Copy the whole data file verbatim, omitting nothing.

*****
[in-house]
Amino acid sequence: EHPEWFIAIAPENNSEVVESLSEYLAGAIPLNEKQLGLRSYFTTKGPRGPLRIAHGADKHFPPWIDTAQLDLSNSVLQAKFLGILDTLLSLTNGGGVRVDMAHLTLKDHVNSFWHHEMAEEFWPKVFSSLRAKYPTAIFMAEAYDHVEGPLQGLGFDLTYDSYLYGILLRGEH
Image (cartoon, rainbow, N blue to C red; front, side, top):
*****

[in-house]
Amino acid sequence: EHPEWFIAIAPENNSEVVESLSEYLAGAIPLNEKQLGLRSYFTTKGPRGPLRIAHGADKHFPPWIDTAQLDLSNSVLQAKFLGILDTLLSLTNGGGVRVDMAHLTLKDHVNSFWHHEMAEEFWPKVFSSLRAKYPTAIFMAEAYDHVEGPLQGLGFDLTYDSYLYGILLRGEH
Image (cartoon, rainbow, N blue to C red; front, side, top):